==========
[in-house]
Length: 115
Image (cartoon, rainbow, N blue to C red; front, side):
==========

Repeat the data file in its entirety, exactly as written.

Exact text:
[in-house]
Length: 115
Image (cartoon, rainbow, N blue to C red; front, side):